On rare occasions, I essay on sports, and the business-world that has developed. So today, it's onto the topic of free-agents and baseball.
In the mid-1970s....baseball was forced into accepting the idea of free agency. It meant you signed a guy for a period of time, and when the contract ended....the guy could leave. It also meant that you could find several players, to build up a winning team....at a particular cost.
Over the past twenty years in baseball...there's this odd trend that started to get noticed. Players (and their agents) were pursuing deals where it was a multiple-year situation. Not just three years, but onto five, or six, or even seven years. What developed was this problem that after three years....the product level of the player sometimes became marginal....the guy developed an attitude problem...and the team was trying to give the guy away (thus having to pay another team to take him off your hands). So you were paying a guy a hefty check, for marginal production, and then paying a second time to get another team to take the loser off your team.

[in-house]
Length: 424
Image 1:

Anger and frustration occurred on various teams. Part of the problem goes back to the agents, and the manipulation they used to convince teams to use longer contracts.
So in the past six months....teams across both leagues did this odd thing. No one says it's a league policy, or that it's a secret philosophy from baseball....but they all started to shy away from free agents.
If you had a listing as the 2017 season ended of all free agents (players with no contract)....fewer than 25-percent have been signed at this point. For some players, getting into early March, with no contract is now a frightening thing. The agents are furious, if you follow public commentary.
The business now likely to occur? By the end of March, I expect about half of the free agents to be signed....but mostly for a one-year or two-year type deal. Pay escalations? No....these are guys who will make the same amount as they did last year.
The remainder? I think they are finished. These are mostly marginal players over the age of thirty, or three-star-type players approaching their mid-thirties. I think a number of minor-league players are going to be given a chance to move up and assume roles in the major leagues for 2018.
It's a bold new world. The real losers here? Well....the agents. All of them are going to take pay-cuts for the future.